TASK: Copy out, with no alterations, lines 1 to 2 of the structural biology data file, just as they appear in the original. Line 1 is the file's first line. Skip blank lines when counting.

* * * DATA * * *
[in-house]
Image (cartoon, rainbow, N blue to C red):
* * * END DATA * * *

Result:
[in-house]
Image (cartoon, rainbow, N blue to C red):